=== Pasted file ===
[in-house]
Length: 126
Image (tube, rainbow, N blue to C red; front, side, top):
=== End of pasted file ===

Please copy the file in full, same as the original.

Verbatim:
[in-house]
Length: 126
Image (tube, rainbow, N blue to C red; front, side, top):